In This Article Expand or collapse the "in this article" section Native American Oral Literatures

  • Introduction
  • Anthologies
  • Journals
  • Theoretical Works
  • Ethnography
  • Literary Studies and Ethnopoetics
  • Novels, Poetry, and Short Stories Reflecting the Oral Tradition
  • Songs, Dances, and Material Culture
  • Native Alaskan, Northwest Coast, and Arctic
  • California
  • Central America
  • Great Lakes
  • Northeast
  • Indian Territory, Oklahoma
  • Plains
  • South
  • Southwest

American Literature Native American Oral Literatures
Timothy Powell
  • LAST REVIEWED: 29 August 2012
  • LAST MODIFIED: 29 August 2012
  • DOI: 10.1093/obo/9780199827251-0070


The oral traditions of Native Americans, Native Alaskans, and First Nations in Canada provide a wealth of insights about the history of literature on the North American continent. Regrettably, however, these traditions are often overlooked by scholars and students of American literature. “Native American oral literatures” is defined here in a fullness that transcends disciplinary boundaries, such that the article will be valuable to the fields of Native American studies, American literature, anthropology, history, religious studies, and folklore, as well as appeal to nonacademics who simply enjoy the art of storytelling. Because there presently are more than five hundred Native American tribes in the United States alone, it is impossible to encompass the geographic and cultural scope of the subject. The temporal scope of the subject is equally daunting, ranging from at least 2000 BCE to the present. The formal borders of the field are similarly vast and included oral performances, videos of storytellers, films, novels, short stories, poems, ethnographies, dances, songs, graphic novels, cartoons, and various forms of material culture. What follows, then, is a suggestive rather than definitive bibliography that ranges from the Arctic to Mesoamerica, from oral narratives about rock art to Pulitzer Prize–winning novels. Because Native American oral literatures are extremely difficult to date according to the chronological scale of Western history, a more indigenous form of temporality is evoked. Rather than imagining a linear timeline, perhaps a better way to think of time in this context is as a dance that circles around, bringing very old stories to life so that they can be adapted to an ever-changing present. The temporal depth of the stories is such that they recount a time when animals could still talk to humans, when the Hero Twins walked the Earth, and when tricksters like Coyote had their way. As the tricksters teach us, it is best to remain skeptical of eternal truths and to consider carefully the unexpected. Thus, the term “oral literatures” should be seen as a purposefully elusive term that can be written down but is always more fluid than black marks on the white page.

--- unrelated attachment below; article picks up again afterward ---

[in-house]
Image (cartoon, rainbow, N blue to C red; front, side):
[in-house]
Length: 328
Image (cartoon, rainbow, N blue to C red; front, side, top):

Reference Works

This section includes reference works focused on a variety of themes. For an inclusive overview of the vast number of Native American, Native Alaskan, and Canadian First Nations cultures, see Sturtevant 1978–2008, Trigger and Washburn 1996, and Adams and MacLeod 2000. Dillehay 2000 provides a useful research tool to help students and scholars understand the millennia before European contact. Bataille and Lisa 2001 provides a useful resource for scholars and students interested in the biographies of Native American women. Johansen and Grinde 1998 provides a more expansive reference work for Native American biographies. Hirschfelder and de Montaño 1998 is a valuable tool for researching contemporary Native American communities. Wiget 1996 provides a particularly helpful reference for understanding the oral tradition.